E-commerce innovator Mark Friedman: Digital developer
July 6, 2016 11:40 AM
As the president of e-commerce at footwear and apparel brand Steve Madden Ltd., a company that generated $240.3 million in sales between its online and physical stores, Mark Friedman is trying to change the way the company thinks when it comes to e-commerce.
“We’re not mobile-first today and we need to get there,” he said. “Part of that has to do with re-engineering what we do from a technology perspective.” That means designing for mobile devices first and then working backward to the desktop.
But while Steve Madden isn’t mobile-first just yet, it has a significantly improved mobile footprint.
Friedman oversaw an e-commerce replatforming two years ago from an in-house platform with a dedicated mobile site to a site built on Oracle Corp.’s Micros e-commerce that uses responsive design to adapt the site to the size of the screen it’s being viewed on. Steve Madden’s mobile sales increased 70% in 2015, according to Internet Retailer estimates.
“Conversion has improved a bunch by some things we’ve done from a technological perspective,” he says. “[Those changes include] speeding up people’s access to get pages to load quickly, getting the site to function more quickly.” Friedman won’t specify just how much Steve Madden generates in online sales per year or how great of a conversion lift the company has seen since replatforming, saying only “there was definitely a return on the investment.”
Another initiative Friedman oversaw was the launch of the company’s first-ever mobile apps on both iOS and Android earlier this year. Part of the reason he’s been such a mobile champion over the past few years is because that’s where his target shoppers—18-34-year-olds—are spending more of their time.
“The average order is a bit lower on mobile,” he says, declining to provide specifics as to how much lower it is compared to desktop. “We need to figure out ways where we can increase the order size.”
Mobile isn’t the only thing he’s worried about perfecting right now, however.
Friedman and his team are trying to figure out how to better utilize Steve Madden’s 171 retail locations to fulfill online orders. In the near future, Steve Madden will be offering the option to buy an item online and pick it up in a store, and Friedman wants to make sure it lives up to shoppers’ expectations from a product and experience standpoint.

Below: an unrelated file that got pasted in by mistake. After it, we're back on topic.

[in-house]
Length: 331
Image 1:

“The quality [of merchandise in stores] is a real problem for shoe sellers, not necessarily just for Madden,” he says. “It’s about training in the stores [when it comes to fulfilling online orders]. That’s a real tough thing for retailers today. Stores associates’ turnover rate is high. As people move on, a lot of companies look at training as a one-time thing. You can train when you start and you’re supposed to remember everything. It’s a constant reiteration and I don’t think retailers do enough of that.”
If his career track record is any indication, Friedman shouldn’t have any problem adapting.
Friedman took his first job in e-commerce 15 years ago when he was named the chief marketing officer at men’s apparel brand Brooks Brothers. Two years later, he took over the chief marketing officer at multichannel apparel group Redcats USA, a move he says proved to be pivotal to his career development. Friedman says Redcats was more of a catalog business when he arrived in 2002 but grew its online sales threefold in three years as shopper preferences shifted more towards the web.
“They had just maybe a year ago [prior to his arrival] started the web, but very quickly got to roughly 10% of volume,” he says. “We were a $1.5 billion company and they were doing $150 million online when I got there. Three years later, just [from] the shift of people wanting to do it themselves online and we were doing $450 million [online] before you knew it.”
Internet Retailer staffers profiled six e-commerce innovators for the July edition of Internet Retailer magazine. For more information on how you can get your free monthly subscription to Internet Retailer magazine, click here.